Pharmacy World & Science

, Volume 30, Issue 5, pp 536–543 | Cite as

Community pharmacists’ attitudes towards medicines use reviews and factors affecting the numbers performed

  • Asam LatifEmail author
  • Helen Boardman
Research Article


Objective of the study Medicines use review and prescription intervention (‘MUR services’) is the first advanced service within the NHS community pharmacy contract and is a structured review that is undertaken by a pharmacists with patients on multiple medicines. The objective of this study was to investigate factors that influence the number of Medicines use reviews (MURs) performed by community pharmacists and to explore community pharmacists’ attitudes towards the service. Setting This study was conducted with pharmacists who were employed by one UK community pharmacy chain. Method A questionnaire was developed to investigate factors that influence the number of MURs performed and pharmacists’ attitudes towards MURs. It consisted of a series of attitudinal statements together with brief demographic data. Questionnaires were distributed to a sample of 280 pharmacists accredited to provide the service during April and May 2006. Main outcome measure Factors affecting the number of MURs performed and community pharmacists’ attitudes towards MURs. Results Sixty per cent (167/280) of pharmacists returned a completed questionnaire. Twenty-seven per cent of respondents had not performed any MURs, 43% had conducted one to 14 reviews and 31% had conducted 15 or more. Job title affected the number of reviews performed; respondents categorised as ‘Store based’ pharmacists performed significantly more MURs than those working as ‘Locums’ but not significantly more than ‘Managing’ pharmacists. Pharmacists reporting access to an accredited consultation area performed significantly more MURs than those who did not. Those working more than 20 h per week performed significantly more MURs than those working less. Gender, time since qualification, the pharmacy size and those having or currently undertaking a clinical diploma were not found to be associated with the number of MURs performed. Most respondents reported that MURs were an opportunity for pharmacist to use their professional skills in an extended role and patients would benefit from the service. However they reported concerns about GPs opinion of the service, lack of time and support staff to conduct MURs and were unhappy about consultation areas. Conclusion This study demonstrates that pharmacists perceive MURs to be an opportunity for an extended role and of value to patients. However, this study has identified perceived barriers, including the availability of a consultation area suitable for performing MURs, time to perform MURs and support staff. The number of MURs performed by pharmacists appears to be affected by the pharmacists’ job title, their working hours and the presence of a consultation area. Additional support for ‘locum’ pharmacists was also highlighted and may be needed.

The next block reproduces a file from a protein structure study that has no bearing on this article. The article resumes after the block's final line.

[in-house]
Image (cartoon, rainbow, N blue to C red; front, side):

Attitudes Community pharmacist Concordance Drug use reviews Medicines use reviews Questionnaire United Kingdom 



The authors would like to thank the study participants, the pharmacy chain where this study was conducted for allowing this study to take place and to Division of Social Research in Medicines and Health, School of Pharmacy, The University of Nottingham.

Financial support of the study


Conflict of interests

AL worked part-time for the community pharmacy chain where this study was conducted.


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Copyright information

© Springer Science+Business Media B.V. 2008

Authors and Affiliations

  1. 1.Division of Social Research in Medicines and HealthUniversity Of NottinghamNottinghamUK

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